The NCAA has voted to allow high school players to use an agent when negotiating with major league teams, writes Teddy Cahill of Baseball America. Previously, the use of an agent could qualify a player as a professional and invalidate his NCAA eligibility or result in a suspension. For now, the rule applies to five major conferences. Other D-I conferences have the option to opt in. As you may expect, high school players must end their relationship with the agent if they opt to attend college. A few more conditions apply.
The previous rule that banned player-agent relationships was most recently in the news in early 2014 when the Phillies accused fifth-round pick Ben Wetzler of using an agent. Wetzler did not sign with the Phillies and was subsequently banned for 20 percent of his senior season. While the new rule will help high school players in a similar situation, it would not have saved Wetzler. Drafted college juniors are still disallowed from using an agent.
- Shortstop Delvin Perez is the best prospect in Puerto Rico and a legitimate option as the top player in the draft, writes Keith Law of ESPN. The 17-year-old headlines a group of several top Puerto Rican prospect. Law cites 70 grade speed on the 20-80 scouting scale to go with a plus arm, hands, and raw power. He should eventually hit for average too, although he currently has trouble with offspeed stuff. Astros shortstop Carlos Correa is the most recent 17-year-old top prospect out of Puerto Rico. Perez is a faster player with better defensive ability, but he lacks Correa’s polish. Instead, Law compares him to Byron Buxton and Justin Upton, both of whom were considered raw, elite talents when drafted. For those keeping track at home, the Phillies hold the first overall pick.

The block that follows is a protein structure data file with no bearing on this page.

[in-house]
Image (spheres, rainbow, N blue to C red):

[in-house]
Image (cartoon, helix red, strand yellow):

- Law also has notes on other notable Puerto Ricans. Of those he profiled, he seems most enamored with Jose Miranda, citing great bat speed, some power, and a need for more polish. He’s currently a shortstop with a chance to stick at the position, but Law sees him as a better fit for second or third base.
- Since 2012, the Astros have the best minor league winning percentage, writes J.J. Cooper of Baseball America. Incidentally, that window corresponds with GM Jeff Luhnow’s tenure. The club does well to reward its minor league affiliates, including rings and big team dinners when they win a championship. First base prospect Tyler White offers an interesting anecdote – he’s won a championship in High-A, Double-A, and Triple-A over the last three seasons. The winning culture not only means the club has a talented bunch of minor leaguers, it’s also good for player development.